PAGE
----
All fees are based on a 7-day workweek Sunday – Saturday.
During regular business hours 7am – 3pm
- First two disconnect/reconnects No Charge
- Over two disconnects/reconnects $25.00 per disconnect/reconnect
After hours, weekend, holiday ect…
Monday / Friday
Weekends and Holiday’s
- Request between 3pm and 4pm $41.28
- Request between 4pm and 5pm $82.56
- Request after 5pm and before 7am $165.12
- Request for disconnect/reconnect within a 4 Hr. time frame. $165.12
- Request for disconnect/reconnect exceeding 4 Hrs. $330.24
Fees current as of February 2017
Our LED streetlights make colors look bright and more "true' to the natural color. Trees look green instead of brown; a blue car looks blue instead of gray. Because of this improved color rendition, everything appears brighter and sharper under the new streetlights, even when the amount of light is less than the old lights.
The “color temperature” (warm-cool) of the streetlights is 4000K, which is in the middle of the warm-cool range. This color temperature closely matches moonlight. This color temperature of the new lights is the same or “warmer” than the quarter-of-a-million LED streetlights that have been or are being installed in Boston, New York, Los Angeles, Oakland and San Francisco. The color of the new streetlights is the “warmest” typically available for LED streetlights.
The City has selected a Cree LEDway Streetlight, 40LED, 80LED and 120LED. The new lights will reduce unwanted spill light into homes and properties.
The new streetlighting system will consume about 25% of the energy of the existing streetlights, saving the City an estimated $500,000 per year in electricity costs, and allowing us to meet the "carbon footprint" reduction goals that we have set for ourselves.
A wireless control system has been installed. This allows dimming of the streetlights. When a new streetlight is installed, it will be much brighter than normal until it communicates with the dimming system. Most of the streetlights are already under the control of the dimming system which turns lights on to only 70% of their potential brightness, and later in the evening, dims them even further to about 35% of their brightness. By the time most of us are going to bed, the streetlights will be dimmed to about a third of their current brightness. This dimming system is unique among mid- to large-size cities in the U.S. and reflects the sophisticated approach Cambridge has taken.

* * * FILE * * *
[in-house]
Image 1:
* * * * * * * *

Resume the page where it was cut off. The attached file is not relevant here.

Drawing from a pool of emerging and ongoing research into visibility, safety, and the effects of lighting on the environment, a system of street classifications was developed to determine appropriate light levels for various types of streets, from the smallest tree-lined residential street to the busiest urban intersection. Using detailed information from the City’s Geographic Information Systems (GIS) database, as well as on-site evaluations, streets were evaluated for width, light pole spacing, and vehicular and pedestrian activity.
Each street throughout the entire City was examined in person by a member of the project team. Test installations were conducted on Inman Street and Rindge Avenue in 2010, and on small sections of several others streets in 2013.
After comprehensive analysis, the streets were assigned to a range of categories, addressing lighting requirements for both roadways and sidewalks, and limiting glare and light trespass. These standards are in accordance with the most stringent established guidelines (used by the Federal Highway Administration, MassDOT and the Illuminating Engineering Society) while still aligning with the unique characteristics of Cambridge and its diverse neighborhoods.
LED streetlights will provide more consistent and appropriate illumination throughout the City. Improved color and uniformity, reduced glare, and greatly improved color rendition will increase visibility, security, and safety on our streets and sidewalks. Unwanted “spill light” into homes and onto properties will be reduced by specialized optical assemblies. A state-of-the-art wireless control and monitoring system will allow fine-tuning of light output, enhanced energy conservation, and energy usage tracking capabilities.
The City of replacing about 7,000 lights (4,900 on street, 2,100 specialty and park fixtures) with energy-efficient LED fixtures.